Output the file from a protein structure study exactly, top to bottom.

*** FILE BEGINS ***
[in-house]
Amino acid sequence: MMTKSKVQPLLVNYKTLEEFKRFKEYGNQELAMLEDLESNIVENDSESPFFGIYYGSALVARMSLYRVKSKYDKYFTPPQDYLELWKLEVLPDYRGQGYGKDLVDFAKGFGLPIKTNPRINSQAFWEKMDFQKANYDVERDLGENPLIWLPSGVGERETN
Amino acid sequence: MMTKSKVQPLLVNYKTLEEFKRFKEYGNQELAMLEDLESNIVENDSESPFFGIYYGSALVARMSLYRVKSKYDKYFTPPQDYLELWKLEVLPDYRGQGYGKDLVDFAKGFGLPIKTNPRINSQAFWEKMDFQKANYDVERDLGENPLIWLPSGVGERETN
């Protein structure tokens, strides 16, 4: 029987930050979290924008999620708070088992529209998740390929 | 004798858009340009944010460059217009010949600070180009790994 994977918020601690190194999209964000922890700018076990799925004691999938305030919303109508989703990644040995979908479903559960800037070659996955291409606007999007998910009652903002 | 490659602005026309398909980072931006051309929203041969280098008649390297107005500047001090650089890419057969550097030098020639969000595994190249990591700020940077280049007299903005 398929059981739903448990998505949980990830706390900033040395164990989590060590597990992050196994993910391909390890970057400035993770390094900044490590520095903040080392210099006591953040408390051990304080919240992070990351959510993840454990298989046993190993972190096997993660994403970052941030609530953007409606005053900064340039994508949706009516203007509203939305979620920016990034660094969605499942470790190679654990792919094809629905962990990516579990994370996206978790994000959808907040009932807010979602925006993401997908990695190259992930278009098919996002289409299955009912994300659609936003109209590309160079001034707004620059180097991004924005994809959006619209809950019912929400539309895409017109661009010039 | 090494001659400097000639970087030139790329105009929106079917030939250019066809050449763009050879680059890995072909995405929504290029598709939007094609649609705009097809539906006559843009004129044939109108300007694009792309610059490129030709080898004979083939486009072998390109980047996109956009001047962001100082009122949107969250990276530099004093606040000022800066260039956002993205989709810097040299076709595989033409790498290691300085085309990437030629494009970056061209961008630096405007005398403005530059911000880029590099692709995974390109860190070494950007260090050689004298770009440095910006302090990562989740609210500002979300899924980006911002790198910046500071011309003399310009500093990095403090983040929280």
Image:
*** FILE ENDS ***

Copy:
[in-house]
Amino acid sequence: MMTKSKVQPLLVNYKTLEEFKRFKEYGNQELAMLEDLESNIVENDSESPFFGIYYGSALVARMSLYRVKSKYDKYFTPPQDYLELWKLEVLPDYRGQGYGKDLVDFAKGFGLPIKTNPRINSQAFWEKMDFQKANYDVERDLGENPLIWLPSGVGERETN
Amino acid sequence: MMTKSKVQPLLVNYKTLEEFKRFKEYGNQELAMLEDLESNIVENDSESPFFGIYYGSALVARMSLYRVKSKYDKYFTPPQDYLELWKLEVLPDYRGQGYGKDLVDFAKGFGLPIKTNPRINSQAFWEKMDFQKANYDVERDLGENPLIWLPSGVGERETN
């Protein structure tokens, strides 16, 4: 029987930050979290924008999620708070088992529209998740390929 | 004798858009340009944010460059217009010949600070180009790994 994977918020601690190194999209964000922890700018076990799925004691999938305030919303109508989703990644040995979908479903559960800037070659996955291409606007999007998910009652903002 | 490659602005026309398909980072931006051309929203041969280098008649390297107005500047001090650089890419057969550097030098020639969000595994190249990591700020940077280049007299903005 398929059981739903448990998505949980990830706390900033040395164990989590060590597990992050196994993910391909390890970057400035993770390094900044490590520095903040080392210099006591953040408390051990304080919240992070990351959510993840454990298989046993190993972190096997993660994403970052941030609530953007409606005053900064340039994508949706009516203007509203939305979620920016990034660094969605499942470790190679654990792919094809629905962990990516579990994370996206978790994000959808907040009932807010979602925006993401997908990695190259992930278009098919996002289409299955009912994300659609936003109209590309160079001034707004620059180097991004924005994809959006619209809950019912929400539309895409017109661009010039 | 090494001659400097000639970087030139790329105009929106079917030939250019066809050449763009050879680059890995072909995405929504290029598709939007094609649609705009097809539906006559843009004129044939109108300007694009792309610059490129030709080898004979083939486009072998390109980047996109956009001047962001100082009122949107969250990276530099004093606040000022800066260039956002993205989709810097040299076709595989033409790498290691300085085309990437030629494009970056061209961008630096405007005398403005530059911000880029590099692709995974390109860190070494950007260090050689004298770009440095910006302090990562989740609210500002979300899924980006911002790198910046500071011309003399310009500093990095403090983040929280």
Image: